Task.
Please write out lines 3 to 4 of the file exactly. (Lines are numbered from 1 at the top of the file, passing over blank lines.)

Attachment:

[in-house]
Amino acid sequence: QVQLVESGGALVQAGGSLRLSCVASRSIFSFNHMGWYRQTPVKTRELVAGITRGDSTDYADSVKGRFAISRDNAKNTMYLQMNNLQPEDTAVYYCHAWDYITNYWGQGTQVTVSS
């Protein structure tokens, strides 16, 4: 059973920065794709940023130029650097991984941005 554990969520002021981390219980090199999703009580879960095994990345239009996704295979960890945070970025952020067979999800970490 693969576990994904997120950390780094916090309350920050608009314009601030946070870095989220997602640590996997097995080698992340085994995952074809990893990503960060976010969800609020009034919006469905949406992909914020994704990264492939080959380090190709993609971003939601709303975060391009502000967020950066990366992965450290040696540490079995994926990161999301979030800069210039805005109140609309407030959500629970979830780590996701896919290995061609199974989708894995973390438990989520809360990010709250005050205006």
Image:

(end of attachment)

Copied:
């Protein structure tokens, strides 16, 4: 059973920065794709940023130029650097991984941005 554990969520002021981390219980090199999703009580879960095994990345239009996704295979960890945070970025952020067979999800970490 693969576990994904997120950390780094916090309350920050608009314009601030946070870095989220997602640590996997097995080698992340085994995952074809990893990503960060976010969800609020009034919006469905949406992909914020994704990264492939080959380090190709993609971003939601709303975060391009502000967020950066990366992965450290040696540490079995994926990161999301979030800069210039805005109140609309407030959500629970979830780590996701896919290995061609199974989708894995973390438990989520809360990010709250005050205006």
Image: